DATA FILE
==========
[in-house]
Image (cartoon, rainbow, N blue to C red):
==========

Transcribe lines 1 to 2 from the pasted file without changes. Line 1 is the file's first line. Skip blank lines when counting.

[in-house]
Image (cartoon, rainbow, N blue to C red):